Living: this category is for all of the things that we pretty much need in order to keep going. This is the “needs” category. Now, there is definitely going to be some differences of opinion on what qualifies as a need. This doesn’t need to be legalistic. It’s your budget, you decide. Just be honest with yourself! I will mention that I try each month to get my grocery bill as low as possible (usually around $300 but last month I managed $250!), and we do almost all of our shopping at Aldi. We got a great deal on our rent, we have the absolute cheapest internet package (but we manage to stream both Netflix and XBOXLIVE at the same time and seldom have any problems), and we have pre-paid smartphones with 2gb of data each month. We also probably have less trash than other people, particularly if you have kids or an in-home business, but we only pay about $10/month for our city trash bags.  This is just a peak at how we try to keep this category as low as possible. Breakdown: approximately 51% of our monthly budget (around $1,530-$1,730) goes to our living expenses, the things we qualify as needs:  rent, gas & electric bills, groceries, fuel & car maintenance, garbage, insurance, phone & internet, personal needs (such as shampoo, etc), and general household expenses.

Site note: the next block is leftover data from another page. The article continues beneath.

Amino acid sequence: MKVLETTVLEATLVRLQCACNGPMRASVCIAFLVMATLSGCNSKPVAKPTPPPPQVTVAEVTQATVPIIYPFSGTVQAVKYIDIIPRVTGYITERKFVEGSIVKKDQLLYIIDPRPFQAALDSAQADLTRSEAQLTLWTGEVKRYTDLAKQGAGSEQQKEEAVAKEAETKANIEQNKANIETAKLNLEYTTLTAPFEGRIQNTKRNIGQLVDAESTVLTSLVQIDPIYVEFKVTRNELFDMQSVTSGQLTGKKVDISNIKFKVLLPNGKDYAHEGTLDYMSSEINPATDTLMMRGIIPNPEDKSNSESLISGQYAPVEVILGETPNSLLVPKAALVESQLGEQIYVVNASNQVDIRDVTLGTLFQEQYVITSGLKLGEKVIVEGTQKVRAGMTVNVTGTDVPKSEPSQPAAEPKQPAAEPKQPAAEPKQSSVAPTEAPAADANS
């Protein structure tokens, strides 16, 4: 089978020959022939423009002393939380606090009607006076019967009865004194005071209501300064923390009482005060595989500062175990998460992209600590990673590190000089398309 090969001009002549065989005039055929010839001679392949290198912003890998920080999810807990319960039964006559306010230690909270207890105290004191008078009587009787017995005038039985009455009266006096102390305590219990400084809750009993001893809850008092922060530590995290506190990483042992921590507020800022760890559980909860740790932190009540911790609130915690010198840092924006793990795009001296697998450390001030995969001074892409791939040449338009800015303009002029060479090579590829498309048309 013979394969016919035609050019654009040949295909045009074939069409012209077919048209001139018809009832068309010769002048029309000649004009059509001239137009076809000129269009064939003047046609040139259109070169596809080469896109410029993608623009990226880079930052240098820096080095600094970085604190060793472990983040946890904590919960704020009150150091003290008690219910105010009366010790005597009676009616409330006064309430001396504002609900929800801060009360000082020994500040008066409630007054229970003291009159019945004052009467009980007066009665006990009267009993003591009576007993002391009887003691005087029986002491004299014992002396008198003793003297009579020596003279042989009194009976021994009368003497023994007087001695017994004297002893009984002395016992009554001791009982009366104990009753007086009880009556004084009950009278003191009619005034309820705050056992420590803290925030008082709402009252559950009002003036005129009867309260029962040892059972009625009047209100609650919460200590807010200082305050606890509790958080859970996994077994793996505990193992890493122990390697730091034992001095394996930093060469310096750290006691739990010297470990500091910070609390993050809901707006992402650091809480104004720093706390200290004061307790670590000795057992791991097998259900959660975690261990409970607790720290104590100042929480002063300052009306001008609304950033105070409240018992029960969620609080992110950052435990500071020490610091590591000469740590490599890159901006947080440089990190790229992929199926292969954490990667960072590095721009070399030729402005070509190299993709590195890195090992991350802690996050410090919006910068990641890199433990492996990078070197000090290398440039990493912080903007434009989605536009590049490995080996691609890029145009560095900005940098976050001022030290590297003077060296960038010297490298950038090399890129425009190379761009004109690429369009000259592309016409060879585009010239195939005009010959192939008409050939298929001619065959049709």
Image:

Loving: this is for all of the things that make life enjoyable; our wants category! Again, there are things here that you may think belong as a “need”, and vice versa. You do you. When you get into the mode of budgeting and paying debt off, you can sometimes forget how important this category is. It’s so easy to under-budget and either end up miserable, not enjoying life, or going to the opposite extreme and blowing a bunch of money because you’re sick and tired of being bored! This is why it’s so, so important to give thought to this category. If you are the planner and your spouse is the spender, listen to them. Listen to their opinions on this category especially. Let them convince you to have fun. At the same time, it’s okay to learn how to cut back. Maybe going out to dinner twice a week really isn’t necessary? I’ll leave that up to you. 😉 I will also let you know that we have something that we call “blow money”, which means you can blow it on whatever you want. We each have our own personal fund for this, which means that you don’t have to consult the other before you purchase. Tyler usually uses his in one fell swoop in the beginning of the month on something he’s been wanting, and mine usually gets spread out on Mountain Dew and snacks throughout the month. The bottom line is, however we choose to spend it that’s fine. This is our saving grace when it comes to the budget. Breakdown: approximately 12% of our monthly budget (around $370-$390) goes to our “wants”. This includes clothing money, gift-giving, entertainment, eating out, and blow money.